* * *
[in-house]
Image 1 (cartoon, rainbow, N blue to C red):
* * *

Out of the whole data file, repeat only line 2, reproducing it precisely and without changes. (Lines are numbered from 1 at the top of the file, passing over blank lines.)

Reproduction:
Image 1 (cartoon, rainbow, N blue to C red):